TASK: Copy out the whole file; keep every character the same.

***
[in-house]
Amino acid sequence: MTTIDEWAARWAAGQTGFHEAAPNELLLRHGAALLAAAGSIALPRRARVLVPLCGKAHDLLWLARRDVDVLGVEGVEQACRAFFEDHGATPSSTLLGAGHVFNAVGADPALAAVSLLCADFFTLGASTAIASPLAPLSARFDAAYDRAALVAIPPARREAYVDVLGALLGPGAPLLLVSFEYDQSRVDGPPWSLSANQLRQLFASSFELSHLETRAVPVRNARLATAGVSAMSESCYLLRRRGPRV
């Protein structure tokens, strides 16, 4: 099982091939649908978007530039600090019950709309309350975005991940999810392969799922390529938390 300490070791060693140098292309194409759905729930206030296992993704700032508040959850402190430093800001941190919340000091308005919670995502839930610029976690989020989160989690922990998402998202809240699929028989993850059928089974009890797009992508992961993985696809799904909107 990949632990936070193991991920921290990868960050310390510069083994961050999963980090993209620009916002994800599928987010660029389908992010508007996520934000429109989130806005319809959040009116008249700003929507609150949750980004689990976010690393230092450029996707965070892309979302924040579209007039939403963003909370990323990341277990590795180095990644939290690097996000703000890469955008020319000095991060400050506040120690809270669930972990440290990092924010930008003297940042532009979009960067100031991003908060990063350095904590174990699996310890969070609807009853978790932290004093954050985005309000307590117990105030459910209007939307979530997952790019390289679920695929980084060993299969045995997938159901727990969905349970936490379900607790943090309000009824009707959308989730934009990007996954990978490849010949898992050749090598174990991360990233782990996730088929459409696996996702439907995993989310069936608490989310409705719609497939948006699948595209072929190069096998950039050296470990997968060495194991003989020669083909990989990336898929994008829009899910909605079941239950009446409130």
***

[in-house]
Amino acid sequence: MTTIDEWAARWAAGQTGFHEAAPNELLLRHGAALLAAAGSIALPRRARVLVPLCGKAHDLLWLARRDVDVLGVEGVEQACRAFFEDHGATPSSTLLGAGHVFNAVGADPALAAVSLLCADFFTLGASTAIASPLAPLSARFDAAYDRAALVAIPPARREAYVDVLGALLGPGAPLLLVSFEYDQSRVDGPPWSLSANQLRQLFASSFELSHLETRAVPVRNARLATAGVSAMSESCYLLRRRGPRV
């Protein structure tokens, strides 16, 4: 099982091939649908978007530039600090019950709309309350975005991940999810392969799922390529938390 300490070791060693140098292309194409759905729930206030296992993704700032508040959850402190430093800001941190919340000091308005919670995502839930610029976690989020989160989690922990998402998202809240699929028989993850059928089974009890797009992508992961993985696809799904909107 990949632990936070193991991920921290990868960050310390510069083994961050999963980090993209620009916002994800599928987010660029389908992010508007996520934000429109989130806005319809959040009116008249700003929507609150949750980004689990976010690393230092450029996707965070892309979302924040579209007039939403963003909370990323990341277990590795180095990644939290690097996000703000890469955008020319000095991060400050506040120690809270669930972990440290990092924010930008003297940042532009979009960067100031991003908060990063350095904590174990699996310890969070609807009853978790932290004093954050985005309000307590117990105030459910209007939307979530997952790019390289679920695929980084060993299969045995997938159901727990969905349970936490379900607790943090309000009824009707959308989730934009990007996954990978490849010949898992050749090598174990991360990233782990996730088929459409696996996702439907995993989310069936608490989310409705719609497939948006699948595209072929190069096998950039050296470990997968060495194991003989020669083909990989990336898929994008829009899910909605079941239950009446409130």